The Charente Nature chronicle: the two-tailed Pasha, a climatic migrant?

The Charente Nature chronicle: the two-tailed Pasha, a climatic migrant?
The Charente Nature chronicle: the two-tailed Pasha, a climatic migrant?

He is the two-tailed Pasha. It is a day butterfly that we also know under the name Jason or Strawberry Nymphale. This lepidopteran has an imposing size, which can exceed 10 cm in wingspan in females. This allows it to move over long distances and at altitude thanks to rapid and particularly powerful flight. It is the largest butterfly in Europe.

The editorial team advises you

A butterfly lover… of alcohol

The Two-tailed Pasha appreciates the woodlands and dense thickets typical of the Mediterranean region. It is a territorial butterfly which does not tolerate the presence of conspecifics. He sits high up to monitor the surroundings and as soon as an intruder enters his field of vision, he chases him. Pacha particularly likes ripe fruits at the advanced stage of fermentation. This butterfly does not forage for nectar, it focuses on fermented peaches, grapes and figs, its favorite meal. Another particularity of its diet, it also appreciates alcoholic drinks as well as carrion and animal excrement!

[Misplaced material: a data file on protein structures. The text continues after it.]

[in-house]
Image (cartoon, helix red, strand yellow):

The Pasha has two generations per year, one in June and the other at the end of summer, the latter being much more abundant. This is explained by the fact that the caterpillar which is born in September is much more likely to die before reaching its final stage. It must in fact spend the winter in this form before transforming in May, and the cold is often fatal to it.

Its reproduction follows a classic cycle. After fertilization, the female looks for an arbutus tree to lay her eggs. It recognizes this plant thanks to receptors located on its front legs. After 10 to 15 days of incubation the caterpillar appears. It measures on average 5 mm and has an astonishing particularity: it is like wearing a helmet with four horns. After six weeks and the fifth and final molt, the caterpillar suspends to transform into a chrysalis.

As its name suggests, the caterpillar’s host plant is the arbutus tree. With the changing climate, this is undoubtedly what facilitated its arrival in New Aquitaine, arbutus trees being planted more and more often in our region.

#French

-

-

PREV Ontario issues rules for Sarnia plastics plant that emits benzene
NEXT atuvu.ca